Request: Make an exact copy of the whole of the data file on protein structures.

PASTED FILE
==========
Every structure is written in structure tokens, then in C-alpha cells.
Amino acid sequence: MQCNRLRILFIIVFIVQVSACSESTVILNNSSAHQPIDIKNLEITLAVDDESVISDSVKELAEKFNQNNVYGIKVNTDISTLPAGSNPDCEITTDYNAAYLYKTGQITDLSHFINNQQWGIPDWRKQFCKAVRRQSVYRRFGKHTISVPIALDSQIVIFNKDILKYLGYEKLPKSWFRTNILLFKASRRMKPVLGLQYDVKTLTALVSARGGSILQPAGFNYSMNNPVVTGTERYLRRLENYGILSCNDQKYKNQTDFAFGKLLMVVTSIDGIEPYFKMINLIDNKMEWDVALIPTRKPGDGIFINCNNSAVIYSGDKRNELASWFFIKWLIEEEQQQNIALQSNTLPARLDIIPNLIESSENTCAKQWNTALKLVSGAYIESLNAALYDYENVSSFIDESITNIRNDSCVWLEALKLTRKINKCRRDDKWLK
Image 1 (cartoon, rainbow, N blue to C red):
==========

Every structure is written in structure tokens, then in C-alpha cells.
Amino acid sequence: MQCNRLRILFIIVFIVQVSACSESTVILNNSSAHQPIDIKNLEITLAVDDESVISDSVKELAEKFNQNNVYGIKVNTDISTLPAGSNPDCEITTDYNAAYLYKTGQITDLSHFINNQQWGIPDWRKQFCKAVRRQSVYRRFGKHTISVPIALDSQIVIFNKDILKYLGYEKLPKSWFRTNILLFKASRRMKPVLGLQYDVKTLTALVSARGGSILQPAGFNYSMNNPVVTGTERYLRRLENYGILSCNDQKYKNQTDFAFGKLLMVVTSIDGIEPYFKMINLIDNKMEWDVALIPTRKPGDGIFINCNNSAVIYSGDKRNELASWFFIKWLIEEEQQQNIALQSNTLPARLDIIPNLIESSENTCAKQWNTALKLVSGAYIESLNAALYDYENVSSFIDESITNIRNDSCVWLEALKLTRKINKCRRDDKWLK
Image 1 (cartoon, rainbow, N blue to C red):